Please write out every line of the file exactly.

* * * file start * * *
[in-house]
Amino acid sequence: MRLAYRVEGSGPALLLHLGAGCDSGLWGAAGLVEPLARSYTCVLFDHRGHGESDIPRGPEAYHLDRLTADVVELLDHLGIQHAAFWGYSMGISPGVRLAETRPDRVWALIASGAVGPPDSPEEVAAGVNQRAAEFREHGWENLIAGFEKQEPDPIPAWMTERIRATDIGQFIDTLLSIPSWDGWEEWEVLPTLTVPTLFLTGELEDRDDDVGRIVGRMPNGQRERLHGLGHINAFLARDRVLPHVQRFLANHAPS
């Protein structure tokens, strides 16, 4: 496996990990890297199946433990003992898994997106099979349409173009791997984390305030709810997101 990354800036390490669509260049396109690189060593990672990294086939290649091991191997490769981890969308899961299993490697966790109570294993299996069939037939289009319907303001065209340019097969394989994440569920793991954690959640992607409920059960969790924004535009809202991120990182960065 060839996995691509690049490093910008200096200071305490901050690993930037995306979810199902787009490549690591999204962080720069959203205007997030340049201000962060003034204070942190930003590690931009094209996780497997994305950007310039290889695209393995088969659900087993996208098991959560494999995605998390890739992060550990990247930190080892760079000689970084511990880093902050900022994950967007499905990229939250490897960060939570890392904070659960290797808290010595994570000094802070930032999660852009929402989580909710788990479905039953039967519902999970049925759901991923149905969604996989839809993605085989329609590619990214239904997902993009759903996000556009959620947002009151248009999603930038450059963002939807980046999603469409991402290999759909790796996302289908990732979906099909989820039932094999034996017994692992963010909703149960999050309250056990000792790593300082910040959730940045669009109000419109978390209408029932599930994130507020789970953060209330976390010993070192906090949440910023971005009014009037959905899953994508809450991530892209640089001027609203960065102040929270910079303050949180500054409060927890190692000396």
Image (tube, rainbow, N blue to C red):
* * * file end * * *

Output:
[in-house]
Amino acid sequence: MRLAYRVEGSGPALLLHLGAGCDSGLWGAAGLVEPLARSYTCVLFDHRGHGESDIPRGPEAYHLDRLTADVVELLDHLGIQHAAFWGYSMGISPGVRLAETRPDRVWALIASGAVGPPDSPEEVAAGVNQRAAEFREHGWENLIAGFEKQEPDPIPAWMTERIRATDIGQFIDTLLSIPSWDGWEEWEVLPTLTVPTLFLTGELEDRDDDVGRIVGRMPNGQRERLHGLGHINAFLARDRVLPHVQRFLANHAPS
């Protein structure tokens, strides 16, 4: 496996990990890297199946433990003992898994997106099979349409173009791997984390305030709810997101 990354800036390490669509260049396109690189060593990672990294086939290649091991191997490769981890969308899961299993490697966790109570294993299996069939037939289009319907303001065209340019097969394989994440569920793991954690959640992607409920059960969790924004535009809202991120990182960065 060839996995691509690049490093910008200096200071305490901050690993930037995306979810199902787009490549690591999204962080720069959203205007997030340049201000962060003034204070942190930003590690931009094209996780497997994305950007310039290889695209393995088969659900087993996208098991959560494999995605998390890739992060550990990247930190080892760079000689970084511990880093902050900022994950967007499905990229939250490897960060939570890392904070659960290797808290010595994570000094802070930032999660852009929402989580909710788990479905039953039967519902999970049925759901991923149905969604996989839809993605085989329609590619990214239904997902993009759903996000556009959620947002009151248009999603930038450059963002939807980046999603469409991402290999759909790796996302289908990732979906099909989820039932094999034996017994692992963010909703149960999050309250056990000792790593300082910040959730940045669009109000419109978390209408029932599930994130507020789970953060209330976390010993070192906090949440910023971005009014009037959905899953994508809450991530892209640089001027609203960065102040929270910079303050949180500054409060927890190692000396």
Image (tube, rainbow, N blue to C red):